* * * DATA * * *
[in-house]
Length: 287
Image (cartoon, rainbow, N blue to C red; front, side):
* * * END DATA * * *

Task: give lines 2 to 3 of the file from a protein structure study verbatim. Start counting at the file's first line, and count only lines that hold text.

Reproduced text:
Length: 287
Image (cartoon, rainbow, N blue to C red; front, side):